It's amazing - I have finally experienced my powerlessness over lust and given up fighting it. Yet, from what I read, hear and know from my own experience, this attitude of surrendering instead of fighting is seldom understood or experienced.
I am grateful that God used this addiction to teach me so much about my dependence on Him. I don't believe I would ever have begun to understand surrender without first experiencing utter failure in staying sober through my own efforts.
I've read enough non-programme literature on the topic of sexual temptation to know that common sense would have me try harder, struggle more, and fight ever more fervently to win the battle against lust. And that may work very well for the average person on the street. But it didn't work for me, because I'm am not "like other people" (AA Big Book). I am a sexaholic.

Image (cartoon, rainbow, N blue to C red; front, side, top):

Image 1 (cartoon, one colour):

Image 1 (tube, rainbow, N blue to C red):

I really do think it has finally been beaten into my thick skull that since I am powerless over lust, fighting lust is nothing more than a desperate attempt to postpone the inevitable. When I fight lust, I lose. When I surrender my lust and myself to God, I stay sober. For me, this is not just semantics. This is a whole new way of thinking, behaving, and connecting with God. I stopped fighting, and I started surrendering, and God graciously continues to keep me sober. But I had to stop fighting!
"In summary, for us surrender is the change in attitude of the inner person that makes life possible. It is the great beginning, the insignia and watchword of our program. And no amount of knowledge about surrender can make it a fact until we simply give up, let go, and let God. When we surrender our 'freedom,' we become truly free." (SA White Book p.82)